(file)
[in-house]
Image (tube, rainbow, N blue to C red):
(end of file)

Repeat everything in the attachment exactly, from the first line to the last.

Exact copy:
[in-house]
Image (tube, rainbow, N blue to C red):